Right whales pose more problems for Maine lobster industry 



ELLSWORTH  Last month, U.S. District Court Judge James Boasberg ruled that the National Marine Fisheries Service, a division of the National Oceanic and Atmospheric Administration, violated federal environmental protection laws several years ago when a “biological opinion” it issued failed to give adequate consideration to the risk the lobster fishery posed to endangered right whales. 

On Monday, the Maine lobster industry was back in federal court in Washington, D.C., as the judge began the hearing testimony on what remedies he should impose to bring the fisheries service, and the lobster fishery, into compliance with those laws. 

At risk for Maine fishermen is the continued use of lobster traps marked by vertical buoy lines. 

Last Saturday, the Maine Certified Sustainable Lobster Association (MCSLA) announced that the lobster fishery’s Marine Stewardship Council certification will be suspended during proceedings in the federal case known as Center for Biological Diversity v. Ross. According to the association, the certificate has been suspended despite the continued sustainable management of the Maine lobster fishery. 

NOAA is expected to release a draft of a new biological opinion as early as this month. In a statement released Saturday, the association said that once the 2020 biological opinion is approved by the court and implemented, the group “will work to quickly regain its MSC certification.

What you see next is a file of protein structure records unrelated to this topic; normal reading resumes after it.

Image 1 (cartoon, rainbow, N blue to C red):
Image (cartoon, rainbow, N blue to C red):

The official MSC suspension became effective on Aug. 1 and allows lobster processing to continue for 30 days beyond that date. The group chose to have MSC suspend the certificate “in an effort to notify all stakeholders and ease transition for customers,” according to the association’s statement. 

“Although we don’t have any direct role in the outcome of this federal case and the ultimate impact to our industry, we are confident we will regain MSC certification through our ongoing efforts to uphold the highest standards of sustainability,” said Craig Riefpresident of MCSLA. “We will actively participate with the upcoming biological opinion and provide any necessary resources to assist NOAA, MSC and our stakeholders in our steadfast commitment to protect threatened and endangered marine life while providing the highest quality product to all consumers.” 

Stephen Rappaport

Stephen Rappaport

Waterfront Editor at The Ellsworth American
Stephen Rappaport has lived in Maine for nearly 30 years. A lifelong sailor, he spends as much time as possible messing about in boats. [email protected]

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